Black Thorn Farm, Sandy Mush, NC
Seth and Sharon Dubuc
Beneath the hovering fog of early April, we descended into the basin of Big Sandy Mush to join in the work at Black Thorn Farm as she awoke to the cacophony of Spring. Lambs born only hours before zig-zagged across the pasture, noisy chicks gave chorus from the crowded brooder and the promising green of garlic's first shoots rose like wands above the rich Appalachian mountain soil. For five days, we did as the farmers do, mostly, both in the field and at their kitchen sink and by dusk of each afternoon our bodies were properly tired and our minds a little more at ease. Seth and Sharon Dubuc bought this 28- acre parcel seven years ago and are steadily returning the steep terrain to its original wild and natural state. The Dubucs spend as much of their days as they can on this land, "stewarding the grounds like an 18th century homestead in which there is a natural balance between food production and the integrity of the land." Breeding is paramount in their approach to raising a vigorous flock and they do so with grace and integrity which is why we chose to partner with them on our first harvest of wool. "Our animals are part of an interlocking fabric of vegetables, fruit, grain and forest."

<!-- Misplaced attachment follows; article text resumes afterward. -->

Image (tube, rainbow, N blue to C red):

Our weeklong visit was timed with the shearing of Black Thorn's sheep, a motley mix of classic English wool breeds including Lincoln, Romney, Dorset and Border Leicester. Veteran father and son shearers Jonathan and Ben Hearne own the large parcel abutting Black Thorn and opened their shearing season with us before they left for the first of several long stretches on the road, working farm to farm throughout the Southeast.
These men are true masters of their craft, making quick and gentle work of the complex choreography involved in keeping the fleece intact and the sheep subdued. Sharon cooked a momentous feast of shepherds pie with grits and lamb for our midday lunch and we opened a bottle of Gamay to toast the significance of honest labor and a connection to this land that now connected each of us seated at the table.
In the days that followed we laid out each fleece and combed the wool with our hands, removing as much vegetable matter as we could before being weighed by the mill. 'Skirting' became the meditative forum for conversation as we caught up on one another's lives, learned about the intricacies of rotational farming and dreamt of what this wool might become once spun into yarn and tied to my loom. The sun let loose on the third day and we shed our winter coats and filled up mason jars with Seth's farm-brewed beer. At week's end, we dropped the wool off at the small mill just up the road where it would take three months to fully process before shipping to us in California.
photography: Brian Ferry